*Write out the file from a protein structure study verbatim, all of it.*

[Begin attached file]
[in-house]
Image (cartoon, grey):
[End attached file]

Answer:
[in-house]
Image (cartoon, grey):